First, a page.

Jul 1, 2013

When Wholes Are Less Than Sums of the Parts

Headline national two party preferred results are clouding the dynamics and reality of what is happening at the state level - where elections are won and lost

Possum Comitatus — Editor of Pollytics

Possum Comitatus

Editor of Pollytics

Now that politics has reset itself, it’s probably worth looking at the polls since the change of PM – the results of which can pretty much be described as consensus

This is all very interesting and whatnot – Rudd poll boost, ALP becomes competitive etc etc…. see your nearest newspaper/blog for details.

But there’s something else worth talking about, and that’s what is going on underneath these topline national results.

Unless one side starts running away with the polling, or something weird happens in Qld like Rudd getting caught wearing a Blues jersey at the Origin decider, the headline two party preferred results may be a little misleading going in to the election – not in terms of them being wrong, but in terms of the seats that they would ordinarily deliver to each side. To understand why, we first need to look at what’s happening with Federal voting intention at the State level.

Both the Morgan SMS and ReachTEL polls had large sample sizes (5548 combined) and fortuitously we have the state breakdowns for each, allowing us to get a decent handle on the dynamics playing out at the State level. We also have an additional poll for Qld of 980 odd respondents which is not quite an internal poll, but it’s not quite not one either. It says the same things as the Qld components of ReachTEL and Morgan SMS (e.g ReachTEL has the ALP primary in Qld at 39.6, Morgan has it at 44 and the third party poll has the ALP primary sitting between them), so it’s all a much of a muchness – effectively just reducing our margin of error on the Qld numbers.

The “Swing to the ALP” figure is the change to the ALP two party preferred vote since the 2010 election. As we can see, there’s big movements to the ALP in Qld, but large movements away from them in Victoria and South Australia, with NSW and WA remaining static.

If we plug those numbers into Antony Greens Election Calculator, we get the ALP currently sitting on 77 seats, the Coalition 71 and 2 Independents (Katter and Wilkie). The Tasmania, ACT and NT results all come from small samples in either the ReachTEL or Morgan SMS results – so they’re a bit iffy, but you get the general picture.

My election simulation produces a similar result 76 seats to the ALP vs. 72 to the Coalition, with 2 Independents.

To understand how the ALP having a two party preferred national result of 48 or 49 can lead to getting a majority of seats, we need to look at what margins seats are sitting on in what states, and how swings in states produce wildly different seat gains/losses because of margin clustering.

The chart above shows the “swing to the ALP” half of the equation for LNP held seats on a 7% margin or less, or for seats requiring less than an ALP 60/40 average result in any state

Where each line crosses the bottom axis reflects what the ALP two party preferred result was at the 2010 election in each state – so WA (the black line) starts at 43.6%, Qld (the red line) starts at 44.9% etc. The points on each line represent a seat. As the ALP vote increases in each state, it shows roughly how many seats would be expected to fall to the ALP for a given change in two party preferred.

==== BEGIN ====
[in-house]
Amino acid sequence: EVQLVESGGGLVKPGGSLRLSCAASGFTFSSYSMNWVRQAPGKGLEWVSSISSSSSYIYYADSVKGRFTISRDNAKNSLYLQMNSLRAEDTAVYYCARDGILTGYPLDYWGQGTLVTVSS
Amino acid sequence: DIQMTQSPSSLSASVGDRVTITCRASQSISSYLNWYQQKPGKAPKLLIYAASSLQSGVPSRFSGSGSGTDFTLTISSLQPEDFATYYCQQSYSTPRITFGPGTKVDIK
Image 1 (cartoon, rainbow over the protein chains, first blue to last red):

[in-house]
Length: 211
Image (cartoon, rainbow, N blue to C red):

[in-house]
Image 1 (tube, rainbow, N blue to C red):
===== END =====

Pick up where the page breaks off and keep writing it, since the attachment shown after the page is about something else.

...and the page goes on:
As you can see, with Qld coming off a relatively low base at the 2010 election, a 5% swing to the ALP would deliver around 9 seats to Labor in Qld simply because so many LNP held seats sit on relatively small margins. If the same swing occurred in WA it would only deliver 3 seats, in NSW 5 seats.

So  not only will Qld deliver more seats for a given swing than other states, we would also expect the swing in Qld to be larger than other states, simply because Rudd is PM (combined with the effect that his 2010 removal had on killing the ALP vote in Qld at the 2010 election)

Now let’s look at the other half of the equation – the swing away from the ALP

The big dangers here for Labor are NSW for any level of swing against them, and Victoria for relatively small swings.

In NSW, swings away from the ALP will catch seats on a 0.9% margin, then 1%, then 1.1%, then 1.5%, 2.7%, two on 4.2% and others on 4.4%, 5.1% and 5.2%

A 1.7% swing against the ALP in Victoria delivers 3 seats. But the next seat doesn’t fall on the pendulum after that until a swing of 5.8% against the ALP occurs.

So if the headline two party preferred results have underneath them big swings towards the ALP in Qld and relatively modest swings away from them in either NSW or Victoria (but not both), then we would expect to see the ALP win more seats than the national two party preferred might ordinarily suggest (for example, what we see now with the current polling).

This also tells is a little about the ALP’s path to 76 seats.

  1. Take Qld
  2. Either hold ground in both Victoria and NSW, or hold as much ground as possible in Victoria while aiming to make a few gains in NSW to offset probable losses like Dobell
  3. Take Qld

The major parties will start saying that the election will be won in Qld and NSW. For the ALP it will be taking Qld and holding NSW, for the Coalition it will be taking NSW and holding Qld. Yet considering that Qld is now much easier for the ALP, if Qld falls it goes a long way to balancing out any ALP losses in NSW and Victoria. If Qld falls one way and NSW the other, then things suddenly get really complicated.

Unless  someone breaks away in the polling.

But until or if they do, just keep an eye on the state breakdowns, because they’ll tell a more interesting and accurate story than the headline two party preferred figures.


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